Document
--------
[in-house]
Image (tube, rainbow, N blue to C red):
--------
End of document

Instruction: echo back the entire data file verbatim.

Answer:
[in-house]
Image (tube, rainbow, N blue to C red):